The FUT hair transplant procedure involves surgically removing a thin strip of hair from the back of the head at the base of the neck, dividing the grafts, and relocating the hair follicles to the top and front of the head. The doctor performs this removal process. The hair at the back of the head is resistant to the chemical dihydrotestosterone (DHT). Because of this it is resistant to falling out of the scalp. This is why we often see men with only a wreath of hair at the back and sides of the head.

After the application of a local anesthetic, the doctor will proceed with hair transplant surgery. This starts with the removal of a small strip of hair at the back of the head from the “donor” area. The incision will be secured with sutures. The wound will quickly heal, and while it will leave a minor scar, this will be hidden by the hair at the back of the head which falls down over the scar area.

The doctor will then instruct his surgical team precisely how to divide the grafts. The strip is then dissected into very small follicular units or hair group grafts. These grafts may contain 1, 2, 3, 4 or more hairs. Each of these units is essentially an organ. They have a blood supply, are chemically regulated like other organs of the body and when transplanted will quickly return to homeostasis.

The doctor will then create small slits in the area in which the grafts will be transplanted. This involves both artistry and technical skill. The slits (or receptor sites) are created in such a way as to re-create the natural hair growth pattern. The specific depth, angle, direction, size and width are crucial to proper placement and growth of the transplanted hair. This is by far the most critical and time-consuming phase of the procedure.

Following this the doctor will supervise the placement and relocation of the grafts to the receptor area. It is important to note that the grafts can only be placed into the receptor site one way, similar to a square peg being fit into a square hole.

The relocation process is minimally invasive and is a minor surgical procedure, not much different from having a filling placed by the dentist. While there may be some discomfort during and after hair transplant surgery, there is rarely serious pain involved. Patients are awake and alert during the entire procedure and they can have a friend or spouse present.

The time it takes to complete a hair transplant procedure varies according to the number of hair grafts implanted. Shower and wash and dry your hair thoroughly prior to the surgery. It is also important that patients remember NOT TO CONSUME ANY ALCOHOL or take ANY ASPIRIN for a period of 24 hours prior to the surgery. This may cause excessive bleeding during the procedure.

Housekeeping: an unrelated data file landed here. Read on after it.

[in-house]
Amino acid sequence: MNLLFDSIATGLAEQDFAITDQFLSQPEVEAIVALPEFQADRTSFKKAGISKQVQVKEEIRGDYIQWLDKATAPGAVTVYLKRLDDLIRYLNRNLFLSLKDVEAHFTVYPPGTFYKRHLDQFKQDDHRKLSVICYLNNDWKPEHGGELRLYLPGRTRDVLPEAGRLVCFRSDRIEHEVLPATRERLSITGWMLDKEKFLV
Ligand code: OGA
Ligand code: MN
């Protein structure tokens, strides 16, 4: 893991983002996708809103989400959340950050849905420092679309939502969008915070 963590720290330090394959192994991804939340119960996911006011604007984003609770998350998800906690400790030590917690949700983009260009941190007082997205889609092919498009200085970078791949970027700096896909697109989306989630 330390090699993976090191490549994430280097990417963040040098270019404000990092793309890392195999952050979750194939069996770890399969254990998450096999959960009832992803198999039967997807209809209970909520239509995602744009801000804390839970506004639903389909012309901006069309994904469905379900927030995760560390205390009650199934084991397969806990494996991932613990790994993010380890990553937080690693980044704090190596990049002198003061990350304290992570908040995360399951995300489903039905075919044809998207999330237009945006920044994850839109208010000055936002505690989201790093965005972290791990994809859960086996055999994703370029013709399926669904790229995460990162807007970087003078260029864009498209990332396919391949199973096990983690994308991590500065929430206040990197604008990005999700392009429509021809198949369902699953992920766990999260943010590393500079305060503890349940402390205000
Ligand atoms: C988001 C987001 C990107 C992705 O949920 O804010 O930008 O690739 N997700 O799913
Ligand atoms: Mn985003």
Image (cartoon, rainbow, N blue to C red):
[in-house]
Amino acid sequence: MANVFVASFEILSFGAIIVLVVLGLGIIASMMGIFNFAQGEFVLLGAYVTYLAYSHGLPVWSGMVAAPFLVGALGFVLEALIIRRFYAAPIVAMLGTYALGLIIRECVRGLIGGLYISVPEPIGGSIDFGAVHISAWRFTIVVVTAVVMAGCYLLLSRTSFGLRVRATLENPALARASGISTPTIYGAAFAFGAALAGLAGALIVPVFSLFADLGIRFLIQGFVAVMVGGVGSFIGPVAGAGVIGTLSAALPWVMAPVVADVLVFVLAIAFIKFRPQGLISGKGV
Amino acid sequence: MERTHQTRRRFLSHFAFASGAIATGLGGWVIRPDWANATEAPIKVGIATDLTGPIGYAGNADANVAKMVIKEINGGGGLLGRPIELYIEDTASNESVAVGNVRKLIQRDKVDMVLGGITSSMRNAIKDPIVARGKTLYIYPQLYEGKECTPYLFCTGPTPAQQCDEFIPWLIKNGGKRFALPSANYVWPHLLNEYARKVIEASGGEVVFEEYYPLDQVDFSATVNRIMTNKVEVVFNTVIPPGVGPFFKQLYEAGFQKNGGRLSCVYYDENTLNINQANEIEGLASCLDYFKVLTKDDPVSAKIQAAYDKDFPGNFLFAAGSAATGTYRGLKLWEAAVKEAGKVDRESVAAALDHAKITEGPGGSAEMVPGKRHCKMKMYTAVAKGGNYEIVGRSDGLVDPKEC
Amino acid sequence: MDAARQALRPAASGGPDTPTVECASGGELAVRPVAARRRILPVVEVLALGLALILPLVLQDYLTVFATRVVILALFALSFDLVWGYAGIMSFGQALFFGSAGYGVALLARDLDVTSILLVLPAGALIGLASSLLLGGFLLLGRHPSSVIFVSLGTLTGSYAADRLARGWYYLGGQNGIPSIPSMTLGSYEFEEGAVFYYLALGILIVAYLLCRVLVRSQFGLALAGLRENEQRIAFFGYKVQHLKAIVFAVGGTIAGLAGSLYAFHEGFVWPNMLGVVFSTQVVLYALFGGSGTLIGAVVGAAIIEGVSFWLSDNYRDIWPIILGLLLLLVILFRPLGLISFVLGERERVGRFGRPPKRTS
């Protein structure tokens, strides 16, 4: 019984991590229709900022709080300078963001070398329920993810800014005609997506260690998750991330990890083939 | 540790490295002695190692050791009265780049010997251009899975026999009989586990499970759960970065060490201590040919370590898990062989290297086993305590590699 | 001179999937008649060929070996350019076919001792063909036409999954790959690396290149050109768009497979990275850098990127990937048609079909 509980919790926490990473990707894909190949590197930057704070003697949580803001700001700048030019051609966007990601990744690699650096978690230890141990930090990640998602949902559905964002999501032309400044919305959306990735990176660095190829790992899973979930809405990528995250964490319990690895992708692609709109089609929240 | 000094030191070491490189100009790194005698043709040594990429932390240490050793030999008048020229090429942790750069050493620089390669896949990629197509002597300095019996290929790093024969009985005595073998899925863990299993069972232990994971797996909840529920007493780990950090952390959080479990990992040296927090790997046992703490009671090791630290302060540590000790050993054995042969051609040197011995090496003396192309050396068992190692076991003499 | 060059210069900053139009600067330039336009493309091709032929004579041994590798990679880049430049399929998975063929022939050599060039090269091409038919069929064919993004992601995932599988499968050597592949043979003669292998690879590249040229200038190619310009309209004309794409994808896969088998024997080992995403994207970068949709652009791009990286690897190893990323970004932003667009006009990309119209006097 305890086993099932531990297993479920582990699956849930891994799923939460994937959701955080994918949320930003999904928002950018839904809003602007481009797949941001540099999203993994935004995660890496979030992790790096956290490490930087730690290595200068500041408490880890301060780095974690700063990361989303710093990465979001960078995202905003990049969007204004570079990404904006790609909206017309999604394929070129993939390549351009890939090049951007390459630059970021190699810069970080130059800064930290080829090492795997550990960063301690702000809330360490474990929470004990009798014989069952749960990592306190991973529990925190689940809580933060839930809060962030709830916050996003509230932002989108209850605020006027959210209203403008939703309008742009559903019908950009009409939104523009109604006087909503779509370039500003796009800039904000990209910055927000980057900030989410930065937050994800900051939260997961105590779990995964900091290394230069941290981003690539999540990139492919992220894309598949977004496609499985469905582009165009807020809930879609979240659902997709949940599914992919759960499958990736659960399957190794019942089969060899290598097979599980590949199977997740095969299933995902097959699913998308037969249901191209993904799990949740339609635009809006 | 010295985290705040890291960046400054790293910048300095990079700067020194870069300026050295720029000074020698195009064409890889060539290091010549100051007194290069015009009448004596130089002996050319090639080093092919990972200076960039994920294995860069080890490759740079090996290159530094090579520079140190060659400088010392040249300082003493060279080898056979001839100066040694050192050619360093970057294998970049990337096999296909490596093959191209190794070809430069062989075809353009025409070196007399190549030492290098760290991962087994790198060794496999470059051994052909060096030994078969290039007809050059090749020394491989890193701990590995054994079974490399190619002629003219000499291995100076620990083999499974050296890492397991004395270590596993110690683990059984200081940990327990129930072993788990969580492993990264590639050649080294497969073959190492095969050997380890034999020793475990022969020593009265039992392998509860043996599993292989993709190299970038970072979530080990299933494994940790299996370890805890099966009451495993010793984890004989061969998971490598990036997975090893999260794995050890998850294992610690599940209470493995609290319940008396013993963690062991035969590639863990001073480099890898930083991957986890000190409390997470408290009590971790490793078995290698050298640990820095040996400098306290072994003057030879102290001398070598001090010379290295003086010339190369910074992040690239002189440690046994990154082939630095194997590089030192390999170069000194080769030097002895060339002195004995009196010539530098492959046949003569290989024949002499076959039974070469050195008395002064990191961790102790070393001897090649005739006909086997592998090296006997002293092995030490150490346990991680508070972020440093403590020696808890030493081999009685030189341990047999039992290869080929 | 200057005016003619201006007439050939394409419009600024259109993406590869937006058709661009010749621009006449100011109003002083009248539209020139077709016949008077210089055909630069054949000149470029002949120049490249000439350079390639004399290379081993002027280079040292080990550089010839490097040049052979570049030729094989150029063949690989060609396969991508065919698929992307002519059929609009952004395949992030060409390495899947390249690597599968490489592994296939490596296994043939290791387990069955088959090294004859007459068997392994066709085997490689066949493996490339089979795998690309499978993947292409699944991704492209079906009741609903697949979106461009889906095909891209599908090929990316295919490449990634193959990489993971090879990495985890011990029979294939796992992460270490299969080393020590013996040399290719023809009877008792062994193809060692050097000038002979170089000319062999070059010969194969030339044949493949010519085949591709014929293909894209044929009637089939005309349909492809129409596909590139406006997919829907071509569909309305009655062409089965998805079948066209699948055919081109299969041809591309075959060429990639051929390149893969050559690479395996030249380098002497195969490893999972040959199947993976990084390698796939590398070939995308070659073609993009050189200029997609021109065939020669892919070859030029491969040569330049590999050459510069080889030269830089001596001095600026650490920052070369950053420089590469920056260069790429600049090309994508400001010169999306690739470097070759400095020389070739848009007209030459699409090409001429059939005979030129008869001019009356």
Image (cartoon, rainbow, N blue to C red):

After Surgery…
When will my hair start growing…
AND what will it look like?

Some people are concerned about how they will look after the procedure. Since hair restoration is a minor form of surgery, directly following the procedure it may be possible to return to normal activities fairly quickly, but we do recommend resting during the day of the procedure.

During the days following the procedure, the patient can return to work and recreational activities. We recommend refraining from strenuous activities such as weight lifting, racquet ball or tennis for a week or two to avoid accidentally damaging the grafts. The hair can and should be washed gently with the fingers and a very mild shampoo.

After a few days, the redness will subside at the top of the head and the grafts will blend in with the existing hair.

During the first 1 to 3 weeks, new hairs will appear to be growing quickly. This in actuality represents the beginning of a phase known as “shedding,” the time when the hair follicles actually go dormant.

Following transplant surgery, the hair follicles go into shock, or a dormant phase. This is normal, expected and predictable. This phase typically lasts 3 to 6 months so you will not begin to see new hair growth until the follicle moves out of this phase and onto the next growth phase. Many patients get anxious waiting to see if the transplant was successful. However, if you know that this “shedding” is typical and normal it sometimes eases anxiety.

Typically, hair growth starts within 2 to 4 months. Hair growth occurs in cycles, with each cycle starting a few days or weeks from the previous cycle. Initial hair growth produces a smaller than usual shaft. This changes as the hair reaches about 1/2 inch in length. Most men actually prefer this slower hair growth process because it makes any change subtle and less obvious.

By 6 months, most people can see the effect of the process, and by 12 months, the growth and bulk will have reached 90% of its total growth. Hair can, and sometimes does, continue to mature for as long as another 24 months following surgery. For this reason, we advise patients to not evaluate the results until a full year has passed.

Surgical healing is also fairly fast. Within 1 to 2 weeks the specific sites that received donor “hairs” have healed. However, it might take many months for the hair to regain full strength.

About half of our patients see results on the crown area within the first 1 to 2 weeks. And even when they do, the hair is just barely visible.

If you have previously had a Follicular Unit Transplantation, your previous obvious scars can make you skeptical about what to expect with our procedure. If this is the case, we strongly urge you to speak with a patient of ours who is one or two weeks post surgery and ask them about their experiences. Most patients are all too glad to share their experiences and help you decide if this procedure is right for you.